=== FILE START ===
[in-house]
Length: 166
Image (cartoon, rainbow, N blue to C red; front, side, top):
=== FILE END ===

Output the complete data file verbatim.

[in-house]
Length: 166
Image (cartoon, rainbow, N blue to C red; front, side, top):